Iceland Air Policing
In the winter of 2021, Norwegian F-35s deployed to Iceland to guard and protect Icelandic airspace.
Iceland does not have its own air force, and to meet the country's need for sovereignty and airspace surveillance, NATO provides a periodic air force presence in peacetime. The mission is called Iceland Air Policing (IAP) and rotates between NATO's member countries.
In March 2021, several Norwegian fighter jets were stationed in Iceland ready to scramble 24–7 if an unidentified aircraft came close to Icelandic airspace. This readiness is known as Quick Reaction Alert (QRA), and is well-known to the Royal Norwegian Air Force: Norwegian fighter jets solve this task every day from Bodø, northern Norway.
The Norwegian mission, including deploying and redeploying of personnel and aircraft, lasted from mid-February to primo April 2021. Norway has contributed to IAP several times before, the lastest being in the winter of 2020.
The IAP mission was also an important opportunity for the Royal Norwegian Air Force to test its new F-35 system outside Norway. This not only included the aircraft, but also pilots, technicians, logistics personnel, and various other support functions.
Norwegian control and reporting personnel were also deployed to Iceland. In Iceland, they mentored their colleagues at the Icelandic Control and Reporting Centre (CRC). This cooperation enabled the Icelandic personnel to monitor and produce updated recognised air pictures (RAP) of Iceland's airspace.
More about the mission
Iceland is one of the founding countries of NATO, and the country signed the North Atlantic Treaty in 1949. Through a 1951 agreement, the United States agreed to provide for the military defence of Iceland – through the Iceland Defense Force. In 2006, the United States terminated the Iceland Defense Force and withdrew its forces from the country.
The United States guaranteed it would still defend Iceland in the event of a crisis or war. However, continuous monitoring and air policing of Iceland’s airspace in peacetime was not part of the US guarantee. In 2007, NATO agreed to provide Iceland with protection of its airspace. The first deployment of aircraft took place in May 2008. The IAP is not a permanent mission, instead there are three deployments a year, each lasting 3–4 weeks. The mission rotates between NATO countries, and Norway has had five deployments so far – most recently in March 2020.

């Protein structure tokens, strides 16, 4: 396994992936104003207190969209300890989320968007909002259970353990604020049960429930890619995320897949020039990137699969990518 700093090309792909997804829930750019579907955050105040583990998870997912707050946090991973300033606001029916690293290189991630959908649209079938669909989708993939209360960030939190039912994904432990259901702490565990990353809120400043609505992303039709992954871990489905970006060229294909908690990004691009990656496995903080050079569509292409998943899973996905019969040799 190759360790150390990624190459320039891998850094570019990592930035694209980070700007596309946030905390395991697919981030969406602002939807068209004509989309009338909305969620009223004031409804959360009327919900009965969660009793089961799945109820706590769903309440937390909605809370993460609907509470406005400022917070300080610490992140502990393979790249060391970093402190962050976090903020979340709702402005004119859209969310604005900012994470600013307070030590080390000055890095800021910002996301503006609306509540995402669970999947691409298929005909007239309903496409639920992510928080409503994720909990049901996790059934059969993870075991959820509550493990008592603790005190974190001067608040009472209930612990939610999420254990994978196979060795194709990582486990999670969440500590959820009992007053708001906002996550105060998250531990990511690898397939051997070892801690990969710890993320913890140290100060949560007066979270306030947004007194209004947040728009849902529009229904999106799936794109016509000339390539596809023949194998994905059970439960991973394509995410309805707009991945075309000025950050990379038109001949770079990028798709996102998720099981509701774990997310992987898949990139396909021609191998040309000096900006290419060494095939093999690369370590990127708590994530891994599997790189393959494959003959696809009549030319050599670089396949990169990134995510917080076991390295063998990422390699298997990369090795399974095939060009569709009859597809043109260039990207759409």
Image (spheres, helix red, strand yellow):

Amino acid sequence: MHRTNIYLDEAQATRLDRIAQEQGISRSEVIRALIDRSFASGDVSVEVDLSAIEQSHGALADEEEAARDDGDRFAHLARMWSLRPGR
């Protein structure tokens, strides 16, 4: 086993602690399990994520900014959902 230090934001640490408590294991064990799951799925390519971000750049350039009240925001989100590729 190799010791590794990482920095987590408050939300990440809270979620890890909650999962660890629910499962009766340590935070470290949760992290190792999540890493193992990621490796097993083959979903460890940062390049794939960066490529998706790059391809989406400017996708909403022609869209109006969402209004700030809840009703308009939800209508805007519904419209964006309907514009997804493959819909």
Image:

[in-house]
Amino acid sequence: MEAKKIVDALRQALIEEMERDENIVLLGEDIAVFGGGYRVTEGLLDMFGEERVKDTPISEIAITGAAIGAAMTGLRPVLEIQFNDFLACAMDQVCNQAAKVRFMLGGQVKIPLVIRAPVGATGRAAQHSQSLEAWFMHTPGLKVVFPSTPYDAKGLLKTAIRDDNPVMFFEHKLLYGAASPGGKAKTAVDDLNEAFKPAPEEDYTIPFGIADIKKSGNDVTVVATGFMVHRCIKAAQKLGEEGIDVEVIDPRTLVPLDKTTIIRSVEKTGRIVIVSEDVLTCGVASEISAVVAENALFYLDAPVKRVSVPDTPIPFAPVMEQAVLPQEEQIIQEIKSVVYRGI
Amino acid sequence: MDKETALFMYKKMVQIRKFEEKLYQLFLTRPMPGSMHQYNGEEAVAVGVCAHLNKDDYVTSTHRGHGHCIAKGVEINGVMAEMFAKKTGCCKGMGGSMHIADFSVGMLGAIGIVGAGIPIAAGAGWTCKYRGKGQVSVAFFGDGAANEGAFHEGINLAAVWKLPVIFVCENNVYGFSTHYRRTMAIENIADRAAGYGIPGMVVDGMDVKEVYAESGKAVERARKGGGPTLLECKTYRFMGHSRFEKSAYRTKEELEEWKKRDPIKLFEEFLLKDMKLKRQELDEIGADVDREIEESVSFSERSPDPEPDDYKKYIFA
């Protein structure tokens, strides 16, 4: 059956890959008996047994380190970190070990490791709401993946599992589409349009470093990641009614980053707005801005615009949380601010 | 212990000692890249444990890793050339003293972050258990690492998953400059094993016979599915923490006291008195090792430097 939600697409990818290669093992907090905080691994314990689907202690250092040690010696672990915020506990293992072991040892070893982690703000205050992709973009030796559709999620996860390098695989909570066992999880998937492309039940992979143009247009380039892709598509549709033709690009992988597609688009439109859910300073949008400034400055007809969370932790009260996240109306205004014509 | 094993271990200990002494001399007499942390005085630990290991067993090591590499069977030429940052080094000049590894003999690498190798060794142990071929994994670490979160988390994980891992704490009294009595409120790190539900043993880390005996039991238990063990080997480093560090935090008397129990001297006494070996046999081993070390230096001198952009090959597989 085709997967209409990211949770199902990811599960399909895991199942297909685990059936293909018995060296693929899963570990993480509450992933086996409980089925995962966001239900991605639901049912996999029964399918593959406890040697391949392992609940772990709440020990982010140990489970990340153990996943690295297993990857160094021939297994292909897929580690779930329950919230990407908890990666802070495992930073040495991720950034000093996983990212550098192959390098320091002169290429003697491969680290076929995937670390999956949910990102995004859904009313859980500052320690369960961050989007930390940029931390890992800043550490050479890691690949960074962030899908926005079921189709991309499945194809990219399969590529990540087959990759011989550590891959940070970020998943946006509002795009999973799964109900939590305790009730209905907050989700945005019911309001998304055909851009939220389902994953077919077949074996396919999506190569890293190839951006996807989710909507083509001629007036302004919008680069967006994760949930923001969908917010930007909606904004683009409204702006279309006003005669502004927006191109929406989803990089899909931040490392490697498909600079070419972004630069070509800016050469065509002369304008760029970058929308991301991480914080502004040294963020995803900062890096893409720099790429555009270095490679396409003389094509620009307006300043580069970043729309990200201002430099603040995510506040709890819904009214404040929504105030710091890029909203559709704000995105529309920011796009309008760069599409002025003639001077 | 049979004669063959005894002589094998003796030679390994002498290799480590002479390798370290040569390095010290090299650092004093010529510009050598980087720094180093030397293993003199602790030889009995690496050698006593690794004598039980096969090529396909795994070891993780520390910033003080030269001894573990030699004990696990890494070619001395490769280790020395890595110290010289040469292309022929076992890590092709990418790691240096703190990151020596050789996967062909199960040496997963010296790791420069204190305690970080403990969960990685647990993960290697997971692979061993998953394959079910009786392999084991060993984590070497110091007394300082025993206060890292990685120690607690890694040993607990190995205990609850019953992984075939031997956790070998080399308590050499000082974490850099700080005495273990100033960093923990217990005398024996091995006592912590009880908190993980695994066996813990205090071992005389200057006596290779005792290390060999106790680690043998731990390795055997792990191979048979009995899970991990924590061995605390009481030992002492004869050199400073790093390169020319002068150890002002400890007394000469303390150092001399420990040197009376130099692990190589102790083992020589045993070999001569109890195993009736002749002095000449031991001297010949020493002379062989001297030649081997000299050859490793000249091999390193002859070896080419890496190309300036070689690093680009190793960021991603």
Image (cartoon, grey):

The Norwegian government decided that Norway was to handle the mission again in March 2021. This was in accordance with NATO's "Airborne Surveillance and Interception Capabilities to meet Iceland's Peacetime Preparedness Needs Mission" (ASIC IPPN).
The F-35 is a highly advanced and sophisticated weapons platform, and has already been a part of the Royal Norwegian Air Force for years. The first F-35s landed in Norway in 2017. The system reached its initial operating capability in 2019, and the Norwegian F-35 fleet will be fully operational in 2025.
The Royal Norwegian Air Force is on track with operational testing and evaluation, and education of F-35 personnel in Norway. As of winter 2021, Norway had received a total of 28 F-35 fighter jets. 21 of the aircraft were stationed at Ørland Air Base, while the remaining seven were based at Luke Air Force Base in Arizona, USA, where they are used for training and educating new F-35 personnel.
Several other NATO nations have also received their F-35. This is vital for the cooperation within the Alliance, and for developing Norwegian operational personnel and maintaining the F-35s. The new platform is also an important contribution to Norwegian defence capability and to NATO’s collective defence.
Also known as QRA, is a 24-hour mission that Norway performs on behalf of NATO.
QRA simply means that Norway continuously monitors Norwegian airspace and all traffic near our airspace. Should an unknown aircraft appear close to Norwegian airspace, two Norwegian F-16s will be in the air within 15 minutes.
When airborne, Norwegian CRC personnel (Control and Reporting Centre) guide the F-16s towards the unknown aircraft to identify and document them. This job is called air policing.
Norwegian fighter jets have conducted several air policing missions abroad, most recently in Lithuania in 2015, and in Iceland in 2016 and 2020. The past missions have been solved with F-16s – except from last year, when Norwegian F-35s operated abroad for the first time.
From 2022, Norway retires its F-16s, and the new F-35s will solve the QRA task from Evenes Air Base, northern Norway. Our experiences from Iceland Air Policing will therefore be valuable for the preparations ahead of the establishment at Evenes.